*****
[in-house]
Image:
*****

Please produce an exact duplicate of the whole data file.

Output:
[in-house]
Image: